Satellite Navigation graphic showing various satellite navigation applications

Overview

Introduction

The use of satellites for positioning, navigation, and timing (PNT) has grown dramatically since the U.S. Government offered civilian access to the Global Positioning System (GPS) in 1983. Thanks to the long-standing U.S. policy of making GPS freely available to the entire world, as well as a track record of highly dependable service, GPS has evolved from a neat gadget into a ubiquitous technology that is now fundamental to the global information infrastructure.

Learn more about GPS at GPS.gov... Learn more about the U.S. policy at GPS.gov...

GPS constellation GPS is a constellation of over 24 U.S. government satellites providing PNT services to an unlimited number of civilian and military users on a continuous, worldwide basis -- free of direct user charges. Using the time and position data transmitted by the satellites, a GPS receiver can calculate its location on or above the surface of the Earth within a few meters. When used with an augmentation system, a receiver can attain much higher GPS accuracy -- within centimeters, or even millimeters.

Learn more about augmentations at GPS.gov...

GPS surveyors at a mining site Today, GPS technology is in everything from cars and airplanes to cell phones and wristwatches. Businesses use it to boost productivity in industries as diverse as farming, mining, construction, real estate, taxicab services, package delivery, and logistical supply chain management. GPS enhances public safety by preventing transportation accidents and reducing emergency response times. It helps further scientific aims such as weather forecasting, earthquake prediction, and environmental protection.

The precise GPS time signal, derived from atomic clocks on each satellite, has been harnessed to synchronize vast communications networks, electrical power grids, financial markets, and other systems that are critical to the U.S. economy.

Learn more about GPS applications at GPS.gov...

Commerce Department Roles

The Commerce Department's use of GPS is extensive and far-ranging. NOAA navigates its vessel fleet and enforces fishery boundaries with GPS. The National Geodetic Survey uses GPS to survey the nation's coastlines, waterways, and airport approaches, and to define the National Spatial Reference System. The National Weather Service improves its forecasts by using the GPS radio signal to measure water vapor content in the atmosphere. The National Institute of Standards and Technology uses GPS to communicate its national time standard to other national laboratories. And the U.S. Census Bureau uses GPS to locate homes.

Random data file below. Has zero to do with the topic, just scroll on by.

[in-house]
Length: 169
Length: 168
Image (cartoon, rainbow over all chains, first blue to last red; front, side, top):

Farmer using GPS in a tractorThrough NOAA, the Commerce Department is also a PNT service provider, managing the national GPS augmentation known as the Continuously Operating Reference Station (CORS) network. CORS is a consortium of over 1,000 public and private sector tracking stations that enable high precision users to refine their GPS measurements to the centimeter level or better.

Learn more about CORS at NOAA.gov...

The Commerce Department is a key member of the National Executive Committee for Space-Based PNT, the senior body established by the President to advise and coordinate federal departments and agencies on matters concerning GPS and related systems. The Deputy Secretary of Commerce participates on the Executive Committee as a key representative of the commercial and civilian GPS community. The Commerce Department also hosts the National Executive Committee's meetings and its National Coordination Office, a permanent secretariat located at the Office of Space Commercialization.

Learn more about the National Executive Committee at GPS.gov...

GPS in a shoe Through the Office of Space Commercialization, the Commerce Department promotes the interests of commercial GPS users, manufacturers, and service providers. The Office conducts and disseminates economic studies related to GPS. The Office promotes GPS modernization efforts to improve future civilian capabilities. The Office participates in discussions with other nations to promote international use of and cooperation with GPS. The Office co-chairs the U.S.-European working group on GPS-Galileo trade and civil applications, which focuses on maintaining a level playing field as Europe's satellite navigation system enters the market.

Read more about GPS modernization...

Finally, the Commerce Department plays a regulatory role with regard to GPS. The National Telecommunications and Information Administration is responsible for co-managing (with FCC) the radio frequency spectrum used by GPS. The Bureau of Industry and Security sets guidelines for the export licensing of civilian GPS user equipment. And the Patent and Trademark Office processes applications for GPS-related technology patents.